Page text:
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Attorney: Officer 'did what he had to do' in driver shooting

14 June 2017

The Minnesota police officer charged with fatally shooting a black motorist during a traffic stop past year, the aftermath of which was streamed on social media by the driver's girlfriend, was not justified in firing his gun, prosecutors said on Monday.

Now, a jury must decide whether Yanez should be convicted of three charges against him: one count of second-degree manslaughter for the death of Castile, and two counts of "intentional discharge of firearm that endangers safety" for shooting into a vehicle with Reynolds and her daughter inside. (Yanez) fired seven rounds into that vehicle.

The shooting drew widespread attention because Castile's girlfriend livestreamed the aftermath on Facebook.

Yanez is facing charges for second-degree murder and unsafe discharge of a firearm. After Yanez activated his flashing lights, Castile stopped near a squat apartment building and row of trees.

The BCA transcript of Yanez's interview with the BCA the day after the shooting was never admitted into court and therefore could not be reviewed. Closing arguments are set for Monday, Ju. Before Castile finishes that sentence, Yanez has his hand on his own gun and is pulling it out of the holster.

Squad-car video played repeatedly for the jury last week shows that the situation escalated quickly, with Yanez shooting Castile just seconds after the driver volunteered, "Sir, I have to tell you, I do have a firearm on me".

The defense attorney also refuted the inconsistencies in Yanez's statements using the word "it" instead of "gun".

Noting that there was no damage to Castile's pocket or gun, Paulsen said that Castile's finger could not have been on the gun when he was shot.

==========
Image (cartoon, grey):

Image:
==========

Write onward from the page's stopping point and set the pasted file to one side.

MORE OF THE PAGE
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Prosecutors countered that Yanez never saw the gun and had plenty of options short of shooting the 32-year-old school cafeteria worker, who they say was never a threat and had a gun permit.

"Among them was KingDemetrius Pendleton, a 47-year-old Minneapolis man who was wearing a T-shirt with Castile's photo that says "Justice 4 Philando", and "Hands Up Don't Shoot", with the hashtag "#BlackLivesMatter". He also alluded to testimony from defense witnesses who portrayed Yanez as a good and honest man.

The jury has to find three elements to convict Yanez of second-degree manslaughter: that the death occurred, Yanez caused the death of Castile by culpable negligence, and Yanez's actions took place on July 6, 2016 in Ramsey County. He said Castile disregarded the officer's orders and reached for his gun because he was stoned on marijuana.

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"I told him, 'Don't pull it out, ' " Yanez testified in court, adding that he tried to distract Philando, but "he continued to pull his firearm out of his pocket". But a prosecution expert testified there's no way to tell when Castile last smoked marijuana or whether he was high. "No", Yanez said, "I was sure".

Jurors resume deliberations Tuesday in the manslaughter trial of a Minnesota police officer who fatally shot a black motorist seconds after the man informed him he was carrying a gun.

Pendleton named several other black men who have been killed by police in recent years.